Hailing the Taxibot

1 min read

Airbus is testing a robotic tractor that could save the aviation industry billions of pounds a year by removing the need to turn on an aircraft's engines during taxiing.

Designed by Israel Aerospace Industries (IAI), the 'Taxibot' is an automated tow-bar-less tractor attached to an aircraft's front landing gear for use during aircraft dispatch. Unlike existing systems, Taxibot can be controlled by the aircraft pilot and eliminates the need for a separate driver.

Marc Lieber, director of International Cooperation and Partnership at Airbus, said: 'The system is sensitive to what the pilot is willing to do. If the pilot wants to push on the brake, then the system will not drag it anymore and the pilot can stop the aircraft via the main landing gear as usual. The effect on the aeroplane is minimal in terms of stress.'

IAI claims that no other power from the plane, other than the aircraft's auxiliary power unit (APU), will be needed to drive the aircraft down the taxiway. With aircraft engines able to burn up to one tonne of fuel every 17 minutes, Airbus estimates that use of this system could save the industry 18m tonnes of fuel per year.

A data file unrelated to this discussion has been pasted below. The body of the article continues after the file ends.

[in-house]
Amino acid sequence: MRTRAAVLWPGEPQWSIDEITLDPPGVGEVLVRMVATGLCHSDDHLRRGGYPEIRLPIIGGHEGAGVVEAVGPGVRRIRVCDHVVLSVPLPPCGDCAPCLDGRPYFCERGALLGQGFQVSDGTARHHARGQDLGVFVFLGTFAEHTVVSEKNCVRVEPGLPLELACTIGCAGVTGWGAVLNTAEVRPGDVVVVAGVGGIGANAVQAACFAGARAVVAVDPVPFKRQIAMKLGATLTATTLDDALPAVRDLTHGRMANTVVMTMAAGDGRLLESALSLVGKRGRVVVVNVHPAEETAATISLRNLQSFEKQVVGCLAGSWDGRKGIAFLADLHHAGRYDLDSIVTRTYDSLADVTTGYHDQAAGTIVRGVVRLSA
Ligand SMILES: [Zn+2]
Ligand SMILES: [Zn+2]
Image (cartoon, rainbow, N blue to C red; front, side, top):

Christian Scherer, Airbus' executive vice-president of Strategy and Future Programmes, said: 'The real driver here is to be able to reduce the amount of fuel consumed by aeroplanes on the ground. Large aircraft engines are made to propel aeroplanes in the air but they are fairly inefficient on the ground and burn huge amounts of fuel just to move the aeroplane slowly around the taxiways. On a yearly basis industry wide you could save billions of dollars of fuel if this system was widespread around the world.'

Airbus has signed a Memorandum of Understanding (MoU) with IAI to explore and develop the system further. The group plans to carry out testing of the Taxibot on an A340-600 aircraft in Toulouse later this year.

Ellie Zolfagharifard